Blue Marble - July 2007

Epuron

| Mon Jul. 9, 2007 12:38 PM EDT

An element speaks.

JULIA WHITTY


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Live Earth Concert Kicks Off, Critics Weigh In

| Sat Jul. 7, 2007 3:52 PM EDT

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Live Earth, the 24-hour concert, part of a larger multi-year campaign called Save Our Selves -- The Campaign for a Climate in Crisis (see video below), kicked off today on all seven continents across the globe. The event, organized by former U.S. Veep Al Gore and the Alliance for Climate Protection, features nearly 150 artists, including U2, Snoop Dogg, and Madonna, who play to trigger a "global movement to solve the climate crisis."

But regardless of the star power, some are critical. Live Aid/Live 8 creator Bob Geldof says, "It's just an enormous pop concert or the umpteenth time that, say, Madonna or Coldplay get up on stage." Keith Farnish, a British environmentalist and the founder of the Earth Blog is "not sure events like this make a difference."

Some are more harsh. Matt Helder, the drummer of Arctic Monkeys, a British Indie rock band, thinks the execution is hypocritical. "We're using enough power for ten houses just for lighting," he notes. This type of skepticism is being echoed by many, but Treehugger, an environmental blog that touts bringing sustainability to the mainstream, reports that steps have been made to make the concert greener and proceeds do go to create a foundation to combat global warming, which will be led by the Alliance for Climate Protection.

The concert does have its supporters (it is estimated that 2 billion people will be reached). Vocalist Patrick Stump of the alt rock band Fallout Boy is hopeful. "If we spread out the influence as much as we can and if we hit some people with some really big ideas, there might be a kid there that will totally eradicate fossil fuel." And of course, Gore is a big, big fan. He says, "the task of saving the global environment is a task we should all approach with a sense of joy."

We want to know what you think?

—Anna Weggel

SOS For Live Earth

| Fri Jul. 6, 2007 6:12 PM EDT

The concerts. You know. 7/7/07. New York, London, Johannesburg, Tokyo, Rio de Janeiro, Shanghai, Sydney, Hamburg. JULIA WHITTY

Gray Whales Going Hungry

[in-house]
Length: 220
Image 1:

| Fri Jul. 6, 2007 3:21 PM EDT

Scientists are reporting an unusually high number of undernourished whales for the first time since malnourishment and disease claimed a third of the gray whale population in 1999 and 2000. Ken Weiss at the Los Angeles Times reports that so far this year scientists haven't seen a decline in numbers. Nor are they sure what's causing the whales to waste. But they suspect the same thing that triggered a die-off eight years ago &mdash a rapid warming of the whales' Arctic feeding waters. Gray whales consume tons of small crustaceans in order to pack on the pounds for their long migration to Mexican breeding lagoons. But as Arctic ice recedes, the crustaceans on the Bering Sea floor are disappearing. . . Add this to the bad news for gray whales on the other side of the Pacific too. JULIA WHITTY

CO2 Weakens Soybeans

| Fri Jul. 6, 2007 2:37 PM EDT

Elevated atmospheric CO2 may negatively impact the relationship between some plants and insects. A new study from the University of Illinois finds that soybeans exposed to elevated levels of CO2 become more susceptible to attack by Japanese beetles (Popillia japonica), reports the American Society of Plant Biologists. Furthermore, as the beetles consume the weakened soybeans, the insects' invasive abilities also intensify. . . So how will the naysayers spin this? JULIA WHITTY

Organic Tomatoes Richer In Antioxidants

| Thu Jul. 5, 2007 6:38 PM EDT

Levels of two kinds of flavonoids were found to be 79 to 97 per cent higher in organic tomatoes. These flavonoids (quercetin and kaempferol) are known antioxidants and have been linked to reduced rates of cardiovascular disease, some forms of cancer, and dementia, reports New Scientist. The 10-year study from the University of California, Davis, suggests chemical fertilizers diminish flavonoid production because flavonoids are triggered as a defense against nutrient deficiency. . . Next question: do flavonoids make tomatoes juicier, tastier, and more flavorful, too? Because organics win out on that score as well. JULIA WHITTY